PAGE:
Live Long Lyndhurst logo. 
Sign up button for the Live Long Lyndhurst Health and Wellness Bulletin. 
Home
 
Adult Immunization Important Information You Should Know
 
Sun Safety Important Information You Should Know
 
COVID-19 Coronavirus The Best Ways To Protect Yourself A Collaboration Between Cleveland Clinic and University Hospitals
 
Alzheimer's Disease and Dementia Overview and Treatments Important Information You Should Know
 
Stroke Awareness, Prevention, Risk Factors, Effects, Signs and Symptoms Important Information You Should Know
 
Alcohol Awareness Important Information You Should Know
 
Coronavirus Disease 2019 (COVID-19) What You Need To Know
 
An Overview of Colorectal Cancer Signs, Symptoms and Stages Important Information You Should Know
 
Preventing and Reversing Cardiovascular Disease Important Information You Should Know
 
Thyroid Awareness Important Information You Should Know
 
Pro Martial Arts Opens in Lyndhurst, Ohio
News Archive
 
Newsletter Archive Health & Wellness Bulletin
 
Site Maps
In Partnership With:


 

 

 

 

 

 

 

 
Anthem. Visit this partner website.


Sun Safety
Important Information You Should Know

A colorful illustration outlines 6 ways you can enjoy outdoor life while preventing skin cancer. Do not burn or tan. Beware of reflective surfaces. Seek shade. Apply sunscreen. Get Vitamin D safely. Wear protective clothing.

How can you be mindful in the sun? Does the sun have benefits?

You may have been taught that you need sunlight for your body to make vitamin D, because vitamin D is not found naturally in most foods. But today, many foods are fortified with vitamin D during the manufacturing process. Thus, sun exposure is not as important for the body's vitamin D supply as it used to be. Of course, being outdoors makes most people feel good. And playing tennis is better for your health than watching television. But you can still protect yourself from the sun's damaging effects while enjoying yourself outdoors.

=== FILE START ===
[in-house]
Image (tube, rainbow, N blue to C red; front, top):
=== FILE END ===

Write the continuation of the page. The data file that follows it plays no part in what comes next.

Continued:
How can I avoid the harmful effects of the sun?

Staying out of the sun is the best way to avoid sun damage, but most of us go outdoors regularly. So when you go outside, take these precautions:

➜ Always wear sunscreen. Apply it on your skin every day. Make it a habit, as you do with brushing your teeth.

➜ Avoid sun in the middle of the day, from about 1 O am to 3 pm. The ultraviolet rays, which cause sunburn, are strongest during this time.

➜ Wear protective clothing. When you do go outdoors, especially for long periods in the middle of the day. Long sleeves and slacks, as well as a wide-brimmed hat, help protect your body against the sun's harmful effects.

➜ Wear sunglasses that filter UV light.

What is SPF In a sunscreen?

SPF stands for sun protection factor. The SPF number tells you how well the product will protect you from UVB, the burning rays of the sun. (Most sunscreens also absorb ultraviolet "A" rays, or UVA.) The higher the SPF number, the greater the amount of protection. Everyone should use a sunscreen with an SPF of at least 30. If you have had a skin cancer or precancer, you should use a sunscreen with an even higher SPF. Many of the new sunscreens have SPFs of 45 or higher.

I don't burn very often. Does this mean I can use a sunscreen with a low SPF?